Secretary of the Interior David Bernhardt today announced the Bison Conservation Initiative (BCI), a new cooperative program that will coordinate conservation strategies and approaches for the wild American Bison over the next 10 years.
The Department of the Interior (DOI) and its partners have been successful in restoring the populations of the American Bison and supporting healthy herds, such as assisting with establishing tribal herds on Indian Reservations.
With unprecedented interest and cooperation among partners—including states, tribes, nations and non-governmental organizations (NGOs)—bison conservation is well equipped to move beyond analytical assessments and toward coordinated conservation action.
Two projects to take place this year are introducing new genetics of wild bison from the Rocky Mountain Arsenal National Wildlife Refuge in Colorado to Theodore Roosevelt National Park in North Dakota, and establishing a new tribal herd on the Rosebud Sioux Reservation in South Dakota. The first includes an on-going genetics study by the National Parks Service to measure the extent of their integration into a long-existing herd.
The new tribal buffalo herd on the Wolakota Buffalo Range of Rosebud will support ecological restoration, cultural practices, economic development, food security and public education in an extensive cooperative project with the Rosebud Economic Development Corporation and the World Wildlife Fund.
“We are doing something that has never been done,” said Rosebud Economic Development Corporation’s Director, Wizipan Little Elk. “It shows what is possible when business, philanthropy, and government work together to create multiple bottom line initiatives supporting the environment, people, fiscal responsibility and Native nation building,”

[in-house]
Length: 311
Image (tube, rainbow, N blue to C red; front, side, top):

“The bison looms large in the culture and traditions of Native nations,” added Carter Roberts, President of World Wildlife Fund. “This announcement matters for several reasons: it represents a homecoming for this iconic species, and it’s also a reunion with the communities who lived with them for centuries in a symbiotic relationship.
“We are honored to be partners in this effort with the Rosebud Economic Development Corporation and the U.S. Department of the Interior, and we look forward to seeing the bison return to the Rosebud Reservation later this year.”
The DOI Bison Working Group (BWG) brings together representatives from the National Park Service (NPS), U.S. Fish and Wildlife Service (FWS), Bureau of Land Management, U.S. Geological Survey and the Bureau of Indian Affairs.
The group plans to:
- Develop and launch a DOI bison metapopulation strategy
- Develop and implement a DOI bison stewardship plan
- Improve and expand mechanisms to support ecocultural restoration of live bison
- Adopt low stress capture and handling practices
These actions will be organized around five central goals:
- Wild, Healthy Bison Herds: A commitment to conserve bison as healthy wildlife.
- Genetic Conservation: A commitment to an interagency, science-based approach to support genetic diversity across DOI bison conservation herds.
- Shared Stewardship: A commitment to shared stewardship of wild bison in cooperation with states, tribes and other stakeholders.
- Ecological Restoration: A commitment to establish and maintain large, wide-ranging bison herds on appropriate large landscapes where their role as ecosystem engineers shape healthy and diverse ecological communities.
- Cultural Restoration: A commitment to restore cultural connections to honor and promote the unique status of bison as an American icon for all people.
For additional information about the science, benefits and goals of bison transfers, see the population viability analysis conducted by the Wildlife Conservation Society, NPS and FWS that was also released today. The 2020 Bison Conservation Initiative page provides additional information about how the DOI is working to improve the conservation and management of bison.
(Interior Press Release 5/7/2020. Contact Interior_Press@ios.doi.gov)
Francie M Berg
Author of the Buffalo Tales &Trails blog